6. Yancy CW, Jessup M, Bozkurt B, et al. 2013 CCF/AHA guideline for the management of heart failure: a report of the American College of Cardiology Foundation/American Heart Association Task Force on Practice Guidelines. J Am Coll Cardiol 2013;62:e147-239. https://www.ncbi.nlm.nih.gov/pubmed/23741058

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Should my patient with compensated heart failure be placed on a sodium-restricted diet?

Why isn’t my patient with congestive heart failure or end-stage liver disease losing weight despite being on diuretic therapy? Is the diuretic dose too low, or is the salt intake too high?

When a patient with congestive heart failure (CHF) or end-stage liver disease (ESLD) doesn’t respond as expected to diuretic therapy, measurement of urinary sodium (Na) can be helpful.

In low effective arterial blood volume states (eg, CHF and ESLD) aldosterone secretion is high, resulting in high urine potassium (K) and low urine Na concentrations. However, in the presence of diuretics, urinary Na excretion should rise.

Patients undergoing active diuresis are often restricted to a 2 g (88 mEq) Na intake/day, with ~10 mEq excreted via non-urinary sources (primarily stool), and ~ 78 mEq excreted in the urine to “break even” — that is, to maintain the same weight.

Although historically measured 1, a 24-hour urine Na and K collection is tedious, making spot urine Na/K ratio more attractive as a potential proxy.  Approximately 90% of patients who achieve a urinary Na/K ratio ≥1 will have a urinary Na excretion ≥78 mEq/day — that is to say, they are sensitive to the diuretic and will have a stable or decreasing weight at the current dose. 2,3

Urine Na/K may be interpreted as follows:

  • ≥1 and losing weight suggests effective diuretic dose, adherent to low Na diet
  • ≥1 and rising weight suggests effective diuretic dose, non-adherent to low Na diet
  • <1 and rising weight suggests ineffective diuretic dose

The “ideal” Na/K ratio as relates to responsiveness to diuretics has ranged from 1.0 to 2.5.4 In acutely decompensated heart failure patients on spironolactone, a K-sparing diuretic, Na/K ratio >2 at day 3 of hospitalization may be associated with improved outcome at 180 days. 5

Remember also that if the patient’s clinical syndrome is not correlating well with the ratio, it’s always a good idea to proceed to a 24-hour urine collection.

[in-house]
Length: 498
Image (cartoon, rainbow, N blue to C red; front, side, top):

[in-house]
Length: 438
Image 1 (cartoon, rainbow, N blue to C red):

References

  1. Runyon B. Refractory Ascites. Semin Liver Dis. Semin Liver Dis. 1993 Nov;13(4):343-51. https://www.ncbi.nlm.nih.gov/pubmed/8303315
  2. Stiehm AJ, Mendler MH, Runyon BA. Detection of diuretic-resistance or diuretic-sensitivity by spot urine Na/K ratios in 729 specimens from cirrhotics with ascites: approximately 90 percent accuracy as compared to 24-hr urine Na excretion (abstract). Hepatology 2002; 36: 222A.
  3. da Silva OM, Thiele GB, Fayad L. et al. Comparative study of spot urine Na/K ratio and 24-hour urine sodium in natriuresis evaluation of cirrhotic patients with ascites. GE J Port Gastroenterol 2014;21:15-20 https://pdfs.semanticscholar.org/4dc3/4d18d202c6fa2b30a1f6563baab80d877921.pdf
  4. El-Bokl M, Senousy, B, El-Karmouty K, Mohammed I, Mohammed S, Shabana S, Shelby H. Spot urinary sodium for assessing dietary sodium restriction in cirrhotic ascites. World J Gastroenterol 2009; 15:3631. https://www.ncbi.nlm.nih.gov/pmc/articles/PMC2721236/
  5. Ferreira JP, Girerd N, Medeiros PB, et al. Spot urine sodium excretion as prognostic marker in acutely decompensated heart failure: the spironolactone effect. Clin Res Cardiol 2016;105:489-507. https://www.ncbi.nlm.nih.gov/pubmed/26615605

 

Contributed by Alyssa Castillo, MD, with valuable input from Sawalla Guseh, MD, both from Mass General Hospital, Boston, MA.

Why isn’t my patient with congestive heart failure or end-stage liver disease losing weight despite being on diuretic therapy? Is the diuretic dose too low, or is the salt intake too high?

Is central sleep apnea-Cheyne-Stokes respirations (CSA-CSR) in the setting of heart failure (HF) detrimental?

CSA-CSR is characterized by a crescendo-decrescendo pattern of 20-30 second hyperventilation followed by 10- 40 second hypopneas or apneas during exercise, wakefulness or stages 1 and 2 non-rapid eye movement sleep (1,2).

CSA-CSR is associated with elevated pulmonary capillary wedge pressure, ventricular dilatation, atrial fibrillation, and increased central and peripheral chemosensitivity to arterial C02 levels (1).

In contrast to obstructive sleep apnea whose detrimental impact is widely accepted, CSA-CSA has not consistently been shown to be associated with higher mortality rates.  Some even argue that it may be beneficial in HF by providing intrinsic positive end-expiratory pressure (PEEP), augmented stroke volume, avoidance of hypercapnic acidosis, attenuated sympathetic activity, bronchodilation and cyclic respiratory muscle rest, akin to those seen with episodic CPAP (2).

Wow! Is CSA-CSR nature’s CPAP? This is an interesting way of looking at CSA-CSR, and underscores the importance of addressing the underlying problem (e.g. HF) rather than the symptoms alone.

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References

1. Rosen D, Roux FJ, Shah N. Sleep and breathing in congestive heart failure. Clin Chest Med 2014, 35: 521–534. https://www.ncbi.nlm.nih.gov/pubmed/25156768

2. Naughton MT. Cheyne-Stokes respiration: friend or foe. Thorax 2012;67:357-360. http://thorax.bmj.com/content/thoraxjnl/67/4/357.full.pdf

Is central sleep apnea-Cheyne-Stokes respirations (CSA-CSR) in the setting of heart failure (HF) detrimental?